WJC president Ronald Lauder calls Polish legislation a “slap in the face” to what remains of Polish Jewry
World Jewish Congress president Ronald Lauder called on the Jewish community worldwide to rethink its relationship with the Polish government over the weekend after the country’s lower house of parliament passed a draft law which would severely limit any ability by Polish Jewish Holocaust victims to recover their stolen property.
“This law is a slap in the face to what remains of Polish Jewry and survivors of Nazi brutality everywhere. It also sets a terrible precedent throughout Europe as survivors and descendants continue to seek justice,” said Lauder, who’s WJC represents Jewish communities in 100 countries. “It pains me to say this, but I think that the time has come for the international Jewish community to reevaluate our relationship with a government that is behaving with unimaginable callousness and is emulating the worst traditions in Polish history rather than the best and most uplifting ones.”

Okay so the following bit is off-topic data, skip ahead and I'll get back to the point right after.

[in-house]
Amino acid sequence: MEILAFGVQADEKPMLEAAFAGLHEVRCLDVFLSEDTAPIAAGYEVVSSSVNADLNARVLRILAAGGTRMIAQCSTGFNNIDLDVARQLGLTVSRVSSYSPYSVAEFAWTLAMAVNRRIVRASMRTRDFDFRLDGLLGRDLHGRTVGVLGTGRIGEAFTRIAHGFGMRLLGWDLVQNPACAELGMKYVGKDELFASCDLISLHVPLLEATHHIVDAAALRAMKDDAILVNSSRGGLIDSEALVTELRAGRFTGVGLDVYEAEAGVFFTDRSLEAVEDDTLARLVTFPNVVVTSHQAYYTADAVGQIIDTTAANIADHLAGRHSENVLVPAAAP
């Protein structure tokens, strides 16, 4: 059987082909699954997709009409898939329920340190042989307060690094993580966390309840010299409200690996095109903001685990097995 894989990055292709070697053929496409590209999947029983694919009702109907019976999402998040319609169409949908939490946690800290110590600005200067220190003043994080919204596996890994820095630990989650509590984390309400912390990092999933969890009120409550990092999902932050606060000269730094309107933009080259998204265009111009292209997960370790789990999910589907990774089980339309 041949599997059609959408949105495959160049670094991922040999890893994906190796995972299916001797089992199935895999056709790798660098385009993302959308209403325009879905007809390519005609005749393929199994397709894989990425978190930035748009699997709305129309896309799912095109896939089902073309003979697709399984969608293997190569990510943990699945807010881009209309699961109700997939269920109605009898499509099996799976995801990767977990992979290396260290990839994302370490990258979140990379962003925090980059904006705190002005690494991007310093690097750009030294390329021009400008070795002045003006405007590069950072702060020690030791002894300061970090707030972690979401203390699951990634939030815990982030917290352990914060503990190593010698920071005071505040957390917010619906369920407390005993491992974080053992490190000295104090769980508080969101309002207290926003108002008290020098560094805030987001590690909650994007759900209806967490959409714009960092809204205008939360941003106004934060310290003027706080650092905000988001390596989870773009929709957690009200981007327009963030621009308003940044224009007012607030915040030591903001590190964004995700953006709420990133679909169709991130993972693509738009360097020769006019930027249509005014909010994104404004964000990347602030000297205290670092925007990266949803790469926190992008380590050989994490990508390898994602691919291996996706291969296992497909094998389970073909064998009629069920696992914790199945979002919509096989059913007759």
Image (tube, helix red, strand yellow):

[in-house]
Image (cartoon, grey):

While most post-Communist countries have sought to right historical wrongs and address the issue of stolen Holocaust-era Jewish property, Poland has lagged behind. The Sejm’s new legislation will make it impossible for Jewish claimants or their descendants to recover or be compensated for what was taken from them in Poland.
Before the Holocaust Poland was home to more than 3 million Jews and was one of the largest Jewish communities in the world. The majority of Jewish Poles, however, were murdered in ghettos, death camps and concentration camps run by German-occupied Poland, including Auschwitz-Birkenau, the largest of the German Nazi concentration camps and extermination centers.
“I have been an unwavering advocate of Poland in Washington and elsewhere ever since that country rejected the Communist system in favor of democracy. I was inspired by Poland’s fight for freedom and its national rebirth even when I disagreed with some of Warsaw’s policies. But this flagrant and entirely gratuitous act by the Polish parliament leaves me questioning my own commitment and the future of U.S.-Polish relations,” Lauder continued. “Since moral persuasion clearly has not been effective, perhaps the time has come to treat Poland with the same consideration it accords to Polish Jews and their descendants seeking justice.”
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